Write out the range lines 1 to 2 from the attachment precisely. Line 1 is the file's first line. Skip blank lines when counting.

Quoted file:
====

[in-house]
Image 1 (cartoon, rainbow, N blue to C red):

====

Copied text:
[in-house]
Image 1 (cartoon, rainbow, N blue to C red):